Digitalisation is changing the way insurers operate and interact with customers worldwide. It is also mixing up the market, with new digital players entering the scene. The potential of InsurTechs is especially pronounced across the Asia Pacific region – so says Munich Re’s Tobias Farny.
The scenario is all too familiar: Agile disrupters offer a new customer experience, grab market share and ultimately drive out incumbents. Think of the impact of online retail on bricks-and-mortar shops, iTunes on music CD sales or more broadly, the digital landscape in Asia – with super apps like WeChat changing how we interact with the world around us; with financial services being no exception to disruption.
InsurTech is more than hype: It is hitting the insurance industry hard and fast, changing the way we and – most importantly – our customers think about insurance. Does it mean traditional insurance is headed for extinction? The answer is an emphatic no. What it does mean is that we need to adapt – fast.
Making business more efficient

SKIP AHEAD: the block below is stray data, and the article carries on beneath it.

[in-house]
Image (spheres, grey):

InsurTech solutions typically aim to optimise business processes in terms of on-boarding new customers, underwriting efficiency or fostering ongoing customer engagement, for instance, by offering personalised insurance options. But beyond the improved customer experience, these solutions also open new opportunities to provide services that are relevant and customised to the customer’s needs. But despite the high level of activity in the InsurTech space, implementation remains limited. In most cases, the focus is on improving existing processes or offering alternative solutions to insureds.
At Munich Re, we are convinced that it is only a matter of time before large-scale integration of new technologies in the non-life sector takes place. And we are committed to supporting and actively shaping the process in the Asia-Pacific region – a market with huge potential. Munich Re expects it to be the fastest-growing market for insurance worldwide, with non-life seeing a compound annual growth rate (CAGR) exceeding 9% between 2016 and 2025. And Asia Pacific insurance markets, characterised by tech-savvy rising middle classes accustomed to mobile-first digital customer experiences, are predestined to welcome InsurTech products.